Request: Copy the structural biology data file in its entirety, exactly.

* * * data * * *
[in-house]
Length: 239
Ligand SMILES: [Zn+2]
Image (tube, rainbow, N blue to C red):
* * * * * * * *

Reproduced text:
[in-house]
Length: 239
Ligand SMILES: [Zn+2]
Image (tube, rainbow, N blue to C red):